Are they? Or are the delegates sitting perfectly still, and the Earth spinning quickly beneath them? Of course we have a convention that the Earth is stationary and the train moves across it, but we also know that the Earth is not stationary - it spins and orbits, and the sun it orbits is also circling the center of the galaxy, and the Milky Way galaxy is dancing with its galactic cluster, etc. We can choose any body+direction to designate an arbitrary "stationary" coordinate system, but because it's arbitrary, we can also easily choose a second coordinate system in which the first system is not stationary.

For example, let's take our delegates in the train: as they are preparing to sign the treaty, one of the aides asks the Forwardland delegate why he is moving so much, and reasonably the delegate replies "I am not moving, I'm sitting quite still at this table." Indeed, from the perspective of those in the train car, they are sitting still around the table with a stationary light halfway between them. If the curtains are drawn so that they can't see out the window, they have no way of knowing they're moving. The laws of physics work the same way for them sitting still in the train as they do sitting still on the ground; the speed of light is $c$, objects fall straight down rather than off to one side, etc. That's why the delegates see the light at the same time even though they are "moving toward" or "moving away" from it; because those assessments are only accurate as seen from the observer standing on the ground.

  • $\begingroup$ that still doesn't make sense to me. The light does have to travel less distance to reach the forward land delegate than it does for the backward land delegate, Right? (if not, then I'm beyond confused) so why do they see the light at the same time? $\endgroup$ May 15 '15 at 0:58
  • $\begingroup$ @AlexTaylor They're sitting the same distance from the light bulb, e.g. if one delegate pulls out a yardstick and begins measuring, he'll find that both of them are sitting, say, two feet from the bulb. It doesn't matter whether he measures from one end of the table or the other because the light bulb is in the middle. So why would the light travel less distance one way than the other? $\endgroup$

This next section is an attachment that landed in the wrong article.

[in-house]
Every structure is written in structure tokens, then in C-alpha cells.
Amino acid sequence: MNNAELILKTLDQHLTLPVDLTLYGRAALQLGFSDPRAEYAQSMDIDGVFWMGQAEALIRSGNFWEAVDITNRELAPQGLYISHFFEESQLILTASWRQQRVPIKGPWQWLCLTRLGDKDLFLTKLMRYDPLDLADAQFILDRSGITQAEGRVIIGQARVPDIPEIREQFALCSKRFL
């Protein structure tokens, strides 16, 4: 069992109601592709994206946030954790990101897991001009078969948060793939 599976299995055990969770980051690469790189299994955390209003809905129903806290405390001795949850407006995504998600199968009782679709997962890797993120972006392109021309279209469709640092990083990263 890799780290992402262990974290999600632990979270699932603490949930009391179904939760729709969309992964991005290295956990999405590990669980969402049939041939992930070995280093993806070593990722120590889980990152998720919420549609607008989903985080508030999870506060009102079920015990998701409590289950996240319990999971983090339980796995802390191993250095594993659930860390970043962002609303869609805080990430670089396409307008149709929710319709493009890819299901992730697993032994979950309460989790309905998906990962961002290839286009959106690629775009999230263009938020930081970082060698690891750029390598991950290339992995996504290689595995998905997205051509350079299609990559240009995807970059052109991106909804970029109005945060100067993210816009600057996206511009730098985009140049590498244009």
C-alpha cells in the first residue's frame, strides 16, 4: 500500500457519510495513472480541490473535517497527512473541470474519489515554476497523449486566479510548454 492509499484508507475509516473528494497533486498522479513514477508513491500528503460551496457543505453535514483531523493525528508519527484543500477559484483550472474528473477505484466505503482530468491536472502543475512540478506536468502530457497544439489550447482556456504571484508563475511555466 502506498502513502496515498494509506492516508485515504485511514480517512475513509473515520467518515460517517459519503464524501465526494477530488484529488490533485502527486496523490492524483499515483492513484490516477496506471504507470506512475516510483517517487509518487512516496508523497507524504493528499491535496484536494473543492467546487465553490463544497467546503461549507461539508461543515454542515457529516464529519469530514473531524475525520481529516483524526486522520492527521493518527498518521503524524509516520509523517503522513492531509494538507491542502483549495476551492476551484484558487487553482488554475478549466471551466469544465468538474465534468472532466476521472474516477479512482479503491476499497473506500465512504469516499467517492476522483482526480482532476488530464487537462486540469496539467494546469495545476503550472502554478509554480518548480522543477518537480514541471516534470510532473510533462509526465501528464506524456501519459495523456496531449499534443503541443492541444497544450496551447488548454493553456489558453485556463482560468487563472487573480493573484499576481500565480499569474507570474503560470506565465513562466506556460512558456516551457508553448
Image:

– Asher
    May 15 '15 at 7:39
  • $\begingroup$ @AlexTaylor And before you answer that, also consider this: is the train traveling east, or west? In your view, this would also make a difference, since at normal train speeds the spin of the Earth is much, much faster than the speed of the train; but on top of that, the orbit of the Earth is much faster than the spin, so the time of day also effects the travel speed; but if the train is traveling due east or west, the light should go off to one side because of the tilt of the solar system in its orbit around the galaxy... et cetera. $\endgroup$
    – Asher
    May 15 '15 at 7:46
  • $\begingroup$ @AlexTaylor What it boils down to is that the researcher standing in his laboratory in Berlin measures the same speed of light as the researcher traveling on the train from Berlin to Bern, because the speed of light is the same in all inertial reference frames (and to a high degree of precision, the spin and orbit of the Earth are small enough to consider the surface "inertial"). There's no "absolute" frame from which all other frames can be measured. $\endgroup$
    – Asher
    May 15 '15 at 7:52
  • $\begingroup$ what do you mean when you say "the speed of light is the same in all reference frames. Because I feel like this seems to be the root of my problems in understanding this $\endgroup$ May 16 '15 at 1:22